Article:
Since the sales tax is levied as a percent of cost, it magnifies price spikes, which drives consumers to find ways to buy fewer gallons, which drives down gas tax collections.
“The sales tax component of gas has to be under review,” said Nystrom.
Michigan also relies heavily on vehicle registration fees to fund road repairs. In fact, for fiscal 2011, the state expects more from registration fees ($864.5 million) than from the gas tax ($826 million). Such fees are higher on new vehicles. While the Detroit 3 are reporting good news on their balance sheets, it’s all based on sales figures that are far below what they were early in the century.
And even when Michigan comes up with the money for maintenance, some of its policies hamper proper use of the funds, argues Thomas Maleck, a civil engineering professor at Michigan State University.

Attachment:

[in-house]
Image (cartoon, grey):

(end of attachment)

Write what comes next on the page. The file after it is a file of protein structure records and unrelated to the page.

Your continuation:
“Michigan’s trucks are unique in the nation. We allow 82-ton trucks when everyone else limits them to 40 tons,” he said, adding that the heavier trucks are putting loads on the roads that they cannot handle,
Another problem is the shallow depth of Michigan’s road beds. “In Europe, they go 5 feet deep,” Maleck said, “but we go only 2 to 2.5 feet.” A shallower bed shortens the life-span of the road, forcing Michigan to make repairs more often, he explained.
Maleck, who claims 50 years of experience in the field, has what might seem an odd solution for Michigan drivers: gravel.
“We have too many miles of paved road,” he says, which forces the state to do cheaper, shallower roadways that don’t last. “This makes matters worse in the long run.”